Pangolins Seized from Chinese Vessel

The F/N Min Long Yu was carrying about 2000 dressed and rolled-up pangolins. Rising demand in China for pangolin meat and scales is wiping out the unique, toothless anteaters from their habitats in Southeast Asia. (TMO Archives)
About 400 boxes containing illegally-traded pangolins or scaly anteaters were seized from the F/V Min Long Yu, the same 48-meter Chinese fishing vessel which ran aground the Tubbataha Reefs last 8 April 2013.

Each box was estimated to contain from five to six dressed and rolled-up pangolins, which means the vessel could be carrying as many as 2000 of the toothless, insect-eating creatures.

Resembling large olive lizards, pangolins are actually scaled mammals which range throughout Asia and Africa. Eight species exist – all threatened by habitat loss plus the illegal trade for their meat and unique scales, which are used for both traditional medicine and the curio trade.

The grisly discovery was made by the Tubbataha Reefs Natural Marine Park Rangers and the Philippine Coast Guard last 13 April 2013. The Palawan Council for Sustainable Development Staff (PCSDS) is set to lodge legal action against the 12 Chinese fishermen, who are already facing poaching charges in violation of Republic Act No. 10067 for their illegal entry into the Tubbataha Reefs.

The World Wide Fund for Nature Philippines (WWF-Philippines) strongly condemns this latest act of wildlife trafficking.

“It is bad enough that these Chinese have illegally entered our seas, navigated without boat papers and crashed recklessly into a national marine park and World Heritage Site,” says WWF-Philippines Vice-chair and CEO Jose Ma. Lorenzo Tan.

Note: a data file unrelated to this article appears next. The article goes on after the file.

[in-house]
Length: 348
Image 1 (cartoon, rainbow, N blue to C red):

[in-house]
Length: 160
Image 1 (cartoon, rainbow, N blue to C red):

“However, it is simply deplorable that they appear to be posing as fishermen to trade in illegal wildlife. Should the carcasses check out as Philippine pangolin (Manis culionensis), we can be sure they were being smuggled out of Palawan. In which case, the full force of the Philippine Wildlife Act should be applied.”

As the Convention on the International Trade in Endangered Species of Wild Fauna and Flora bad (CITES) prohibits trade in Asian pangolin species, WWF-Philippines calls on the government to fully prosecute the Chinese poachers for violating both national and international wildlife trade laws.

The Illegal Wildlife Trade

The latest seizure of pangolins from the F/N Min Long Yu comes right as the WWF global network is scaling up its campaign to combat the illegal wildlife trade, which now comprises the fourth largest illegal global trade after narcotics, counterfeiting of products and currency, and human trafficking.

The illegal wildlife trade, estimated to yield at least $19 Billion per year, has become a lucrative business for criminal syndicates because the risk involved is low compared with other crimes. Poaching syndicates flourish because there are presently no effective deterrents to the trade. High-level traders and kingpins are rarely arrested, prosecuted, and convicted for their crimes.

Today, pangolins are widely hunted and traded for their alleged medicinal properties. They are among the most commonly encountered mammals in Asia’s wildlife trade and alarming numbers have been seized throughout East and Southeast Asia in recent years.

WWF-Philippines encourages the public not to patronize products that may have come from species that are illegally traded.

Concludes Tan, “When the buying stops, the killing will, too.”
For more information:

Sophia Dedace
Communications Officer, WWF-Philippines
sdedace@wwf.org.ph

Gregg Yan
Communications and Media Manager, WWF-Philippines
gyan@wwf.org.ph